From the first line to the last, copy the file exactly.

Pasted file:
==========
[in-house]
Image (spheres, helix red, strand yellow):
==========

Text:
[in-house]
Image (spheres, helix red, strand yellow):